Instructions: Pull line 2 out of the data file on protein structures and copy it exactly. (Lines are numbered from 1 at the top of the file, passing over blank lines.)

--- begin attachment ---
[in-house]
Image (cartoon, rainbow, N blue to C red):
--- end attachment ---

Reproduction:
Image (cartoon, rainbow, N blue to C red):